What about all the criticism this week for the long hallway of bare crimson trees she put up in the White House’s East Colonnade as part of the Christmas decor?
“We are in the 21st century and everyone has different tastes, but I think they look fantastic. . . . In real life, they look even more beautiful.”
Trump’s comments came as she took part in a wide-ranging town hall conversation at Liberty University as part of an event focused on the opioid addiction crisis. She’s made combating the problem part of her platform, and in remarks at the top of the event, she urged the students to consider fighting the addiction epidemic “an opportunity to save lives.”
“I think, nowadays, it’s much easier to get the drugs. They prescribe, sometimes, too many drugs at once,” she said. “You can see also it’s a black market. It’s very dangerous.”
Trump, who has also taken on the issue of online civility as part of her Be Best platform, also told students that in response to criticism, they should be kind, but “sometimes you need to fight back, I’m sorry.”
Her remarks on the holiday decorations — and cooking — came during a question-and-answer session with former Fox News host Eric Bolling . Bolling’s son died last year from a mix of cocaine and the painkiller fentanyl.
The Trumps called Bolling afterward to express their condolences, and they remain friendly. In their back-and-forth onstage, he asked the first lady several personal questions, including whether she ever gives the White House chefs a night off so that she can whip up a casserole.
“Not really,” she told him, saying “when you are first lady, there’s no free time.”
Liberty University is a Christian college whose president, Jerry Falwell Jr., is a staunch supporter of President Trump. The first lady was joined onstage in front of thousands of cheering students by Health and Human Services Secretary Alex Azar and Homeland Security Secretary Kirstjen Nielsen.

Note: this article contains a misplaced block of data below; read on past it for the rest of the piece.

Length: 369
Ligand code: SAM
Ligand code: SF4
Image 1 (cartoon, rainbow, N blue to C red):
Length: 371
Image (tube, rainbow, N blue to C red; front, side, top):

In her time as first lady, Trump has visited hospitals treating children of opioid-addicted mothers in Pennsylvania, Ohio, Tennessee and West Virginia to raise awareness about the addiction crisis. In September 2017, she hosted a roundtable at the White House, where she met with administration officials and people affected by opioid addiction.
But Gary Mendell, a former business executive who founded a nonprofit organization combating addiction, said that despite her stated intentions, Trump’s efforts haven’t yet registered in the public consciousness.
“I don’t think she or the president can say they’ve been out there leading the charge,” said Mendell, who founded the New York-based advocacy group Shatterproof.
The first lady, he said, is in a perfect position to de-stigmatize opioid addicts. “Half the country thinks this is bad people doing bad things, instead of good people who have a chronic disease,” he said. “Having someone with her leadership out there in front, highlighting these stories and changing the way we think about this disease — that would be so valuable and she would be so good at it.”
Such an approach would allow the first lady to skirt policy issues, which she has typically been reluctant to delve into.
At the Liberty event, she said she decided to make tackling opioid abuse part of her initiative because: “It’s very important that we educate [the] next generation, and very important we educate them and tell them how dangerous the drugs are and can be. It really can mess you up for the rest of your life. I am here to shine the light and to talk about it.”
Compared with her predecessors, her advocacy has been minimal. She has attended policy-oriented events on the topic alongside President Trump, who signed a budget deal this year that included $4.6 billion to fight the opioid crisis and supported bipartisan legislation that expands treatment and prevention programs. Other moves have been seen as largely symbolic, such as his creation of a commission on the subject and his decision more than a year ago to declare the opioid crisis a “national emergency.”
Melania Trump isn’t the only first lady to take on drug abuse. While serving as first lady in the 1980s, Nancy Reagan urged children to “Just Say No.”
There are parallels between their campaigns, said James Benze, a professor at Pennsylvania’s Washington & Jefferson College who wrote a biography of Nancy Reagan. Both women responded to nationwide drug epidemics (Reagan launched her campaign amid the crack-cocaine crisis), and both represent the softer side of their husbands’ policies.
But Reagan’s work was far more robust than Trump’s has been, Benze noted. Reagan made 1,200 appearances to promote her campaign, and did a cameo on the sitcom “Diff’rent Strokes” to talk about drug abuse.
“When Nancy Reagan rolled out ‘Just Say No,’ she and her husband did a live infomercial during prime time,” Benze said. “It’s just not the same thing in terms of visibility.”